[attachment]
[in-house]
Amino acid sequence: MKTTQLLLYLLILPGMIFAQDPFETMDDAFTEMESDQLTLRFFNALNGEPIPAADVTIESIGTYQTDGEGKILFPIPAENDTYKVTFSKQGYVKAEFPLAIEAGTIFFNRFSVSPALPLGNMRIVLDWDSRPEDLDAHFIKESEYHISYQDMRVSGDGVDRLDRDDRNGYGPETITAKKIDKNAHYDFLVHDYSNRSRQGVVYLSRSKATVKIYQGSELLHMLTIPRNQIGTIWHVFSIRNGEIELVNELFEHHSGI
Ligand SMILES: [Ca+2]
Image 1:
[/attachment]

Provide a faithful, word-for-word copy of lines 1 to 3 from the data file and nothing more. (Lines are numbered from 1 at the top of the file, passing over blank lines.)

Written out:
[in-house]
Amino acid sequence: MKTTQLLLYLLILPGMIFAQDPFETMDDAFTEMESDQLTLRFFNALNGEPIPAADVTIESIGTYQTDGEGKILFPIPAENDTYKVTFSKQGYVKAEFPLAIEAGTIFFNRFSVSPALPLGNMRIVLDWDSRPEDLDAHFIKESEYHISYQDMRVSGDGVDRLDRDDRNGYGPETITAKKIDKNAHYDFLVHDYSNRSRQGVVYLSRSKATVKIYQGSELLHMLTIPRNQIGTIWHVFSIRNGEIELVNELFEHHSGI
Ligand SMILES: [Ca+2]